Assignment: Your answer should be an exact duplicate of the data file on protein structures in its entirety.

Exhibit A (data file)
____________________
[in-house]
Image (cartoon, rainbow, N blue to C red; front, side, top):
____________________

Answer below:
[in-house]
Image (cartoon, rainbow, N blue to C red; front, side, top):